Pay per click (PPC), when it first came on the market, was hailed as exactly what everybody wanted – A great way of making money without actually doing anything. At that time, online advertising, SEO, and the realities of online business were lost in a hazy, feelgood hype. Not unlike the current market frenzy, which seems to believe that social network marketing will save the world, PPC started off in a blaze of glory and then hit a brick wall in terms of performance.
In fairness, PPC is on balance a reasonable working methodology. It does provide the mechanisms for effective online advertising. Flat rate and bid-based PPC are actually pretty straightforward commercial propositions for advertisers. PPC is also a transparent methodology, and advertisers do have the ability to choose how they approach using it.
That said, the internet is definitely and irrefutably the most fickle advertising environment in history. One of the original bases for determining cost per click (CPC) was the possible value of a click to the advertiser. That means the bid based PPC ads, in which the highest bidder on a search engine results page is on top of the ad listings have the potential to be highly expensive. Given that statistically, of all the actual clicks, only a certain percentage are likely to result in a sale, the value of PPC has to be measured in relation to cost-effectiveness.
PPC and Marketing
Commercial indications are that PPC has a direct relationship to the market values of search engine optimization. The fact is that what people search, when they search it, and the search terms used vary over time. These search methodologies are also strongly affected by market perceptions and consumer usage.
The name of a movie, for instance, or a character in a movie are highly probable search terms. PPC ads related to the movie for things like merchandising will do well while these search terms are in vogue. For other products, things like brand names are the most likely search terms. In either case, advertisers using PPC can expect stiff competition on search engine results pages. The commercial returns however may be quite low in such a highly competitive market.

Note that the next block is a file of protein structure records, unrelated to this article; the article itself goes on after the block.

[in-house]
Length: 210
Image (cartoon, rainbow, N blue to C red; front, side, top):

You can see the problem – PPC imposes an ongoing cost on an indefinite commercial outcome. This is far from satisfactory for many businesses, and at best is sometimes is just a nuisance.
PPC is definitely far more effective using distinct terminology and keywords for SEO. This is the PPC version of “branding”, effectively creating higher value out of the combination of search terms and ads. This is a very basic marketing principle, but it seems to have taken forever to catch on in PPC-land.
Perhaps more disturbingly, the association between product identity, PPC and marketing best practice doesn’t seem to have registered with the market at all. Keywords can only reasonably be expected to do so much. When associated with good strong brand identities, keywords can be extremely effective. When associated with bland, low-grade search terms, they’re practically useless.
PPC has several strengths, but many weaknesses. It is naive to assume that PPC advertising is effective without comprehensive support from SEO values and good marketing practices. What’s obvious is that the market needs to understand PPC much better to use it effectively.
Author Bio: Tim Millett is an Australian freelance writer and journalist. He writes extensively in Australia, Canada, Europe, and the US. He’s published more than 500 articles about various topics, including SEO and Search engine optimization.